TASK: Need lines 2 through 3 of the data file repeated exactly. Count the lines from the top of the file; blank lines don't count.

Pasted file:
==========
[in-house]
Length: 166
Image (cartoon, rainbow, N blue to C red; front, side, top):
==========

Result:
Length: 166
Image (cartoon, rainbow, N blue to C red; front, side, top):